Parents who oppose the conversion of their children’s school in Newham, London to an academy as part of a multi-academy trust have been granted permission for a judicial review by the High Court.

Law firm Leigh Day, which has recently taken over the case, had already successfully applied for an interim injunction at court. This meant that funding arrangements for the conversion of Avenue Primary School into an academy, which were due to be signed off last week, have now been put on hold pending further court proceedings.

Solicitor Rowan Smith from Leigh Day, "The granting of a judicial review is excellent news as it affords parents of children at the school, who have grave concerns over the switch to academy status, the opportunity to air their views fully and openly in court. The review is likely to take place in the second half of June."

Sayesta Miah and Soyeb Patel, who are both parents of children at the school, began legal action after they and other parents were told by governors in December that the school was going to convert out of local authority hands and become an academy and part of the EKO Multi-Academy Trust, which already manages three primary schools and one special educational needs school across the borough.

The lack of a thorough consultation from school governors about the proposed changes prompted parents to begin legal action, demanding a detailed and transparent consultation period, ahead of any move to academisation.

Sayesta Miah and Soyeb Patel have launched a Crowdjustice page to raise £15,000 in funds for their legal fight. Outlining their concerns they say:

"We, along with other parents of Avenue Primary school in Newham are fighting for justice. Justice for ourselves and on behalf of our children’s education, which we feel is being compromised and will continue to deteriorate.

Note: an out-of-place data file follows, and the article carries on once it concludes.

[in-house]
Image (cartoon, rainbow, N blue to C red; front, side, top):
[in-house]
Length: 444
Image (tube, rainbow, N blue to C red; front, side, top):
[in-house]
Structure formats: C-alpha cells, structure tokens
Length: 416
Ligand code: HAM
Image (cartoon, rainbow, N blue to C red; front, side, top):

"We are questioning the reliability and transparency of the school’s governing board, which made a major decision to convert our community school to academy status and join the EKO Trust, without adequately engaging or consulting parents.

"The law requires proper engagement with stakeholders (including parents) via a lawful consultation that takes into account their views, and which has due regard to the needs of protected individuals, such as children with special educational needs.

"We do not consider the governors have complied with those requirements and that is why we wholeheartedly welcome the granting of a judicial review, at which we will be voicing our concerns and those of the majority of other parents of children at Avenue Primary School."

Solicitor Rowan Smith, from law firm Leigh Day, who are representing Sayesta Miah, added:

"This is clearly a very controversial issue with parents understandably concerned by a lack of consultation in their children’s educational future. Now that we have been granted a judicial review, we look forward to presenting our evidence and having the views of our clients considered in court."